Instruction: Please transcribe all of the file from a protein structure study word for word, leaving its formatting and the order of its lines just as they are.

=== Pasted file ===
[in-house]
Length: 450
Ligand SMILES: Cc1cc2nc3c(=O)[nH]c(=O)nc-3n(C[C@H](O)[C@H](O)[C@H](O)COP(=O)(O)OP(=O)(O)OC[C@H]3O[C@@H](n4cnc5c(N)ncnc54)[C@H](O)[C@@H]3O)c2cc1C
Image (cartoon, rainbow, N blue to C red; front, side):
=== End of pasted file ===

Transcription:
[in-house]
Length: 450
Ligand SMILES: Cc1cc2nc3c(=O)[nH]c(=O)nc-3n(C[C@H](O)[C@H](O)[C@H](O)COP(=O)(O)OP(=O)(O)OC[C@H]3O[C@@H](n4cnc5c(N)ncnc54)[C@H](O)[C@@H]3O)c2cc1C
Image (cartoon, rainbow, N blue to C red; front, side):